After an over 20-year career as an environmental educator in the non-formal world at nature / environmental centers in four states, he now is working in formal education at an environmental charter school (K – 8). He is very interested in collaborating with researchers and banders around the state of Florida to contribute to our knowledge of neo-tropical migrants and how we can conserve them for the future.


Dr. Minno received a Bachelor’s degree in entomology from Purdue University, a Master’s in entomology from the University of California at Davis, and a Ph.D. in zoology from the University of Florida. He has worked for many years on the conservation of rare plants and butterflies in Florida. Dr. Minno is currently a Water Resources Coordinator with the Suwannee River Water Management District in Live Oak. He has written or co-authored numerous scientific and popular articles on Florida butterflies and moths.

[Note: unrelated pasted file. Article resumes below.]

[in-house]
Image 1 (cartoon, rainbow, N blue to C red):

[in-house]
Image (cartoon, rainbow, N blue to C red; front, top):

Damon Moore received a Bachelor’s Degree in Biology from Armstrong State University and is currently pursuing a Master’s Degree in Environmental Science and Policy at the University of South Florida St. Petersburg. After nearly 10 years working as an environmental consultant with Stantec he began working for Manatee County Parks and Natural Resources Department in 2011 as Environmental Program Manager, focused on ecological resources. In this role he has played a primary role in design, permitting, and implementation of Manatee County’s habitat restoration efforts. He has overseen numerous projects with a focus on habitat restoration including uplands, wetlands, seagrass meadow. Damon has also overseen habitat restoration projects with a goal to benefit specific species such as scrub jays, kestrels, gopher tortoise, sand skink, oysters, snook, tarpon, and several plant species. He loves holding field trips and aims for an enjoyable mixture of observation, learning, and good humor when he is given the honor to host. In his spare time Damon enjoys fishing, volunteering on habitat restoration projects, and botanizing natural areas.